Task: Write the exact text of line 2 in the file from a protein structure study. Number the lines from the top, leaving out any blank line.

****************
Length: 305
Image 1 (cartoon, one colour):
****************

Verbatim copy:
Image 1 (cartoon, one colour):